The Byford Glades Residents Association and Community Garden was officially opened on January 14.
The garden was several years in the making and Byford Glades Residents Association treasurer Keith Whibley said it began in 2014 when his wife was diagnosed with bi-polar.
“She was in hospital for 12 months with no hope of coming out,” he said.
“With the stress of everything I accidently crushed my right hand between the car door and garage brickwork as I was reversing out.”
Mr Whibley said one of his fingers was severed and the others crushed but Royal Perth Hospital managed to save his hand.
“Despite this and even after rehabilitation I still could not do simple things like shake people’s hand,” he said.
“I wasn’t sure how I was going to build this community garden.”
Mr Whibley said in May 2015 he was at a council meeting when he was introduced to the Evangel Christian Fellowship youth group by a councillor.
“I was too embarrassed to shake the councillors hand so I gave him my left hand,” he said.
Mr Whibley said the councillor prayed for him but he did not think much of it at the time until he realised the next day he had full movement of his hand.
“I could do things that I hadn’t been able to do since the accident,” he said.
“A day later my wife was discharged from hospital.
“If it had not been for Jesus and with the help of the Evangel Christian Fellowship this community garden would not be here.
“I give all the glory to Jesus Christ who has helped me to build this garden by grace through faith.”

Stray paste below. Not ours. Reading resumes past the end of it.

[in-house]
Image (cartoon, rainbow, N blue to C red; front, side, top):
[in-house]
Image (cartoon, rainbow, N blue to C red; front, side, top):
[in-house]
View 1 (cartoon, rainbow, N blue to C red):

Mr Whibley also thanked Bendigo Bank, Peel Development Commission, the Shire of Serpentine Jarrhadale, the Stronger Communities Program and a number of other donors who helped make the community garden a reality.
Member for Darling Range Tony Simpson said he was honoured to have been part of the opening ceremony.
“Many of the new residential developments in the Glades Byford have small gardens which do not allow residents to grow many fruits and vegetables,” he said.
“A community garden within walking distance of homes will encourage many residents to grow their own nutritious produce and encourage physical activity.”
Mr Simpson said community gardens not only provided an area for produce to be grown but they enabled community members to interact and work together to build a sense of community and belonging.
“They are a place where people come together with a common purpose and it becomes a social hub,” he said.
“With new developments this is especially important as it encourages neighbours to interact and get to know their neighbours.”